NASTY GAL: A Lesson in Capital Infusions and Scaling-Up Your Niche-Market Company Before it is Reall
DISCLAIMER: This blog may be construed as attorney advertising. This blog is for informational purposes only and does not constitute legal advice. Any transmission or receipt of information from this blog does not create an attorney-client relationship. Every situation is different and the information found on this blog may not be applicable to your situation, therefore you should not act or rely upon any information contained on this blog without consulting an attorney first.
We all know that a business needs money in order to grow and thrive. While this is (mostly) true, I always advise my start-up clients to think twice before they accept any funding. I know, it sounds crazy, and I’ve been on the receiving-end of several dear-in-headlights stares when I say it, but hear me out!
If an investor comes to you and offers to put money into your company, you know that you’ve reached a pivotal stage in your company's growth. Not every company is fortunate enough to pique the interest of investors so I also know that it seems completely counter-intuitive to turn that money away. However, believe me when I say that this money will not always be the means to your desired end!
Nasty Gal is a textbook example of this point. I want to preface this by saying that I am a fan of Nasty Gal, I am sincerely saddened by their situation and I am really hoping that they pull through. That said, if at least one startup or emerging enterprise takes something away from this situation, Nasty Gal’s downfall would not have been completely in vain.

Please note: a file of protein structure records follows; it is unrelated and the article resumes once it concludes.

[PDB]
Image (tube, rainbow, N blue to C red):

The company was a niche-online retailer that purchased vintage clothing at local thrift shops for deep discounts and re-sold them at insane margins. For several years, they averaged about $28MM in annual sales. Fast forward to 2011 - the VC investors came in (looking for a home-run company) and pumped $65MM of capital into the company. Doesn’t seem so bad, right? The company made $28MM as is, that money could definitely help them make significantly more.
But now that they had all this cash, they couldn’t possibly stick to their guns and continue to grow organically. There was way too much at stake - their investors expected them to take that $65MM and double or triple it! They didn’t have the time to sit around and source individual one-of-a-kind, vintage pieces anymore. Instead, they began purchasing vintage-inspired clothing from local retailers (thus decreasing their margins) and then went on to produce their own line of clothing (better margins, but subjected them to a number of copyright infringement suits). Then, in a time when brick and mortar retailers were closing up shop because they could no longer compete with online retailers, Nasty Gal decided it would be a good idea to open up not one, but two, physical locations.
Despite the aforementioned “hiccups”, Nasty Gal’s revenue significantly increased for a couple of years, but needless to say, the story doesn’t end all that well for the company. The company was no longer the unique fashion business it once was. They were now competing with hundreds of copycat websites who were selling similar items, sometimes even at a fraction of the cost.
Last year Nasty Gal operated at a loss and the company is currently in bankruptcy. Not all is lost though! For now, the company is continuing to operate and English retailer, BooHoo (a direct competitor), is seeking to buy Nasty Gal out of bankruptcy (for the bargain-basement price of $20MM). Perhaps, in the right hands, Nasty Gal can rise out of the Chapter 11 ashes and become the fashion powerhouse it once was.
Moral of the story? Not all money is good money, especially if the people holding the purse-strings are going to influence what you’re supposed to do with that money. Don’t get me wrong, these investors are business geniuses! But, that said, if you’re in a niche business, no business genius is going to know your company and your clients better than you!
This business genius agrees. Note: Mr. Lenihan discusses fashion companies, but I am willing to wager that his logic is applicable to any niche-market, non-tech enterprise.